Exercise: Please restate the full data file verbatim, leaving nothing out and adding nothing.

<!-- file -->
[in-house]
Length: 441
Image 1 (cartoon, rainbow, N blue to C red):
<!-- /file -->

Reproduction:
[in-house]
Length: 441
Image 1 (cartoon, rainbow, N blue to C red):